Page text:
Wendell Lovett’s Day House still stuns as midcentury showpiece

Built in 1958, the three-bedroom, 3,200 square-foot home remains a shining example of the Pacific Northwest midcentury modern with plenty of touches that are quintessential Lovett

Noted Seattle architect and UW professor Wendell Harper Lovett recently passed away and he left behind a legacy of memorable homes throughout the Seattle area designed between the 1950s and 1990s. Known for his distinct stylistic choices and anthropomorphic expressions, his architectural has a lasting style all it’s own.

That brings us to Day House, the View Ridge residence he designed for UW professor Emmett E. Day and his wife Roxie Whistler Day. Built in 1958, the three-bedroom, 3,200 square-foot home remains a shining example of the Pacific Northwest midcentury modern with plenty of touches that are quintessential Lovett. The home is also on the open market asking $1.3M.

Day wasn’t just the client, he also served as general contractor on the home, collaborated with building contractor Everett Ensminger and carpenter Victor Oder to complete construction in just three months. Three. Months. That’s crazy.

The Day’s daughter, Elaine Day LaTourelle, not only grew up in the stunning time capsule but also became an architect herself and added a northeast corner to the home, making the living room and study bigger as well as increasing the size of the basement workshop.

There’s a lot of classic midcentury style at work here. The brick fireplace centerpiece. The wood beam ceilings. It even looks like much of the furniture currently in the home could be original as well. A sitting room separated by a curtain is Peak 50s and is just charming enough to keep around.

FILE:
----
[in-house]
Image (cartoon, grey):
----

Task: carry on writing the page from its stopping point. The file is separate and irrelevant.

The home’s sloping site and two-floor design takes full advantage of the Magnuson Park & Mount Rainier views.The living room and bedrooms are all positioned to soak the vistas in. A skylight helps to bisect the first floor and provide borders for the main rooms. Downstairs, bedrooms and the aforementioned workshop provide a quieter side.

Out back, the lower level deck just keeps going and going while the top level deck takes in those views, complete with a swing seat to kick back and relax in. The kitschy, twirling staircase that connects them completes the entire mindset behind this iconic midcentury masterpiece
· 7520 57th Place NE [Windermere]
· Day, Emmett E., Sr., and Roxie, House [PCAD]
· Lovett, Wendell H. [WEWA]
· Wendell Harper Lovett [Legacy]

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